By Nancy Marrapese-Burrell
UMass Lowell celebrated its second consecutive Hockey East tournament championship on Saturday.
Norm Bazin has been the men’s hockey coach for not quite three full seasons, but already he has made a significant impact on not just the program but on the UMass Lowell community at large.
Athletic director Dana Skinner said it has been a remarkable metamorphosis and it is all thanks to the emphasis on the team concept.
“I think it is a Norm thing, but also he went to UMass Lowell and coached at UMass Lowell and has come back to UMass Lowell,’’ said Skinner, prior to the second-seeded River Hawks beating No. 4 seed New Hampshire, 4-0, in the Hockey East championship game at TD Garden Saturday night. “Lowell is a city built by people just working awfully hard and working together. The university is that way. The hockey program has enabled us to put a public face on what has been a remarkable six- or seven-year period at the university.’’
It started with Marty Meehan becoming chancellor, and with that have come building improvements, increased fund-raising, and research dollars, and higher expectations across the board with all the athletic programs being elevated to Division 1.
“So many good things have happened and the visibility of the hockey program has brought it all to light,’’ said Skinner. “It’s given us a broader stage on which to tell that story. It’s been interesting how the pieces have all come together.’’
Skinner can point to one instance that sums up the demeanor that Bazin brings to the program. It happened during the coach’s first season, when the team went from five victories the previous year to 24 in 2011-12. The River Hawks squared off against a loaded Miami University team in the Northeast Regional semifinals and appeared to be in the driver’s seat until the tables were turned.
“We were playing great, we were up, 3-0, and in the third period, here comes Miami,’’ said Skinner. “They looked like an NHL team. They got three goals [to tie it] and were putting pressure on us. Then we got a five-minute penalty with 3:35 left to go in the game. Everybody was devastated. I looked over at the bench and Norm called a timeout and called all the kids in and was calm as can be. He told the kids, ‘If we get through this five-minute stretch, we’re going to win the hockey game.’ ’’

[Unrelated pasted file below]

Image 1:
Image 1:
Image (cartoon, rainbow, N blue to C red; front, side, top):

The River Hawks killed off the major, and Riley Wetmore tallied the winner at 2:13 of overtime.
Skinner said Bazin’s calm demeanor has rubbed off on his players.
“He brings such a high level of confidence that calms everybody down, especially in key moments,’’ said Skinner. “There is a maturity to that team. You saw it [this weekend]. There’s a credibility that he brings, a confidence, we all feel it as a staff. [Friday night’s semifinal victory over Notre Dame] was probably as well as we’ve played in a long time so I’m proud of the way they’ve responded to such high expectations.’’
Best of the Bunch
Tourney MVP Connor Hellebuyck was one of four River Hawks named to the All-Tournament team. Hellebuyck, who posted shutouts in the semifinals and final, was joined by center Joseph Pendenza, left wing A.J. White, and defenseman Christian Folin. Notre Dame defenseman Stephen Johns and UNH center Kevin Goumas also made the sqaud . . . For the first time in the 30-year history of Hockey East, neither Boston College, Boston University, nor Maine participated in the conference championship game . . . Lowell and UNH were playing each other in the title game for the first time. Their last postseason meeting was a sweep by UNH in the best-of-three quarterfinals in 2003 . . . This was only the second time the title game featured the No. 2 and No. 4 seeds. The last time was in 2010, when No. 2 BC beat No. 4 Maine . . . Lowell has made five trips to the NCAA Tournament, including its first appearance in the Frozen Four last year . . . The NCAA will announce the 16 teams competing in the Division 1 tournament on Sunday at noon.